of the ‘creative genius’ in
psychiatry and psychoanalysis
In Victorian society, admiration for the ‘creative genius’ abounded. It was
based on stereotypical notions of the Romantic artist, who, ‘by the neat
and necessarily contradictory logic of aesthetic elevation and social exclusion, [was] both a great genius and greatly misunderstood’.1 In Germany
the propensity to idealise the artist as a creative genius was further
propelled by intellectuals’ and writers’ contribution to imagining the
German nation throughout the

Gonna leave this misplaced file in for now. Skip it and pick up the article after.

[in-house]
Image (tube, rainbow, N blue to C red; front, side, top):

This volume tells the story of the case study genre at a time when it became the genre par excellence for discussing human sexuality across the humanities and the life sciences. A History of the Case Study takes the reader on a transcontinental journey from the imperial world of fin-de-siècle Central Europe and the Austro-Hungarian Empire to the interwar metropolises of Weimar Germany, and to the United States of America in the post-war years. Foregrounding the figures of case study pioneers, and always alert to the radical implications of their engagement with the genre, the six chapters scrutinise the case writing practices of Sigmund Freud and his predecessor sexologist Richard von Krafft-Ebing; writers such as Leopold von Sacher-Masoch, Oskar Panizza and Alfred Döblin; Weimar intellectuals such as Erich Wulffen, and New York psychoanalyst Viola Bernard. There result important new insights into the continuing legacy of such writers, and into the agency increasingly claimed by the readerships that emerged with the development of modernity—from readers who self-identified as masochists, to conmen and female criminals. Where previous accounts of the case study have tended to consider the history of the genre from a single disciplinary perspective, this book is structured by the interdisciplinary approach most applicable to the ambivalent context of modernity. It focuses on key moments in the genre’s past, occasions when and where the conventions of the case study were contested as part of a more profound enquiry into the nature of the human subject.